Rosi.Runtime

Package Description


Keywords
License
0BSD
Install
Install-Package Rosi.Runtime -Version 1.0.2

Documentation

Releases Nuget Unit Tests

Rosi

The power of the .NET Core Framework in a single executable

Rosi is an easy way to run your C# scripts everywhere, especially on Linux. No need to mess around with your package management. Rosi is just a single executable file that you need to run all your C# scripts.

Depending on your needs, you implement your sync/asnyc interface and you're ready to run your first script.

public class Rosi : IRosi
{
    public int Run(IRuntime runtime)
    {
        // do something
    }
}
public class RosiAsync : IAsyncRosi
{
    public async Task<int> Run(IRuntime runtime)
    {
        // do something async
    }
}

Side note: We use SaltStack to manage our servers and the servers from our customers. It is a great and simple way to automate the management of our infrastructure. And therefore we have some rules, two of them are: We don't configure anything by hand, everything is done by using salt and we don't touch the package management of a system and add any external sources, if it's not really required. Using salt only is often not enough, we have to write scripts here and there to glue everything together. And we usually used Bash scripts. But while you can writing complex scripts in bash, you usually don't want to do that.

We thought about using a real programming language with good debugging support that runs on all important operating systems and we decided to use C# (seriously, it's a great language, static typed languages ftw!). But installing the .NET Core runtime on every system is a little overkill for running small scripts and didn't play nice with our own rules. That's the reason we build Rosi.

Install

Linux

Terminal

Download, unzip and test the latest Rosi release.

> wget https://github.com/MarkoBL/Rosi/releases/latest/download/Rosi_Linux_x64.zip
or
> curl -LO https://github.com/MarkoBL/Rosi/releases/latest/download/Rosi_Linux_x64.zip
> unzip Rosi_Linux_x64.zip
> ./rosi --version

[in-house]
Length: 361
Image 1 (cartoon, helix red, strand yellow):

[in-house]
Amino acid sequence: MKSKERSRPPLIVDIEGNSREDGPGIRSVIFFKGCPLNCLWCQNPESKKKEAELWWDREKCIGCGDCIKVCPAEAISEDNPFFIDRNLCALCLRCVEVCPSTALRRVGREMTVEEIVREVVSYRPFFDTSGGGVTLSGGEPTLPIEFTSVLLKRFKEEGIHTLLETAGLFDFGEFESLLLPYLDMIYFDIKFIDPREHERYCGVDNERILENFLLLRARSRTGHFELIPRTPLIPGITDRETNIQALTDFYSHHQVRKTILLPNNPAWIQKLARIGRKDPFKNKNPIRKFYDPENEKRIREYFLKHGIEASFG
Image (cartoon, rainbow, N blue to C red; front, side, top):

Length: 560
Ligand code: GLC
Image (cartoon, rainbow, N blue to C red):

Make it available for every user through the terminal by putting it into /usr/local/rosi and put a symlink into /usr/local/bin

> sudo mkdir /usr/local/rosi
> sudo mv rosi /usr/local/rosi/
> sudo ln -s /usr/local/rosi/rosi /usr/local/bin/rosi
> rosi --version

SaltStack

This salt state installs or updates to the latest Rosi version.

rosi.sls

{% set rosipath = "/usr/local/rosi" %}
{% set install = true %}

{% set exists = salt.file.directory_exists(rosipath) %}
{% if exists %}
 {% set result = salt.cmd.retcode(rosipath + "/rosi --rosicheckupdate") %}
 {% if result <= 0 %}
  {% set install = false %}
 {% endif %}
{% endif %}

{% if install %}
install_rosi:
  archive.extracted:
    - name: {{ rosipath }}
    - source: https://github.com/MarkoBL/Rosi/releases/latest/download/Rosi_Linux_Multi_x64.zip
    - skip_verify: true
    - overwrite: true
    - enforce_toplevel: false
    - clean: true

symlink_rosi:
  file.symlink:
    - name: /usr/local/bin/rosi
    - target: {{ rosipath }}/rosi
    - requires:
      - archive: install_rosi

{% endif %}

macOS

Terminal

Download, unzip and test the latest Rosi release.

> wget https://github.com/MarkoBL/Rosi/releases/latest/download/Rosi_MacOs_x64.zip
or
> curl -LO https://github.com/MarkoBL/Rosi/releases/latest/download/Rosi_MacOs_x64.zip
> unzip Rosi_Linux_x64.zip
> ./rosi --version

Make it available for every user through the terminal by putting it into /usr/local/rosi and put a symlink into /usr/local/bin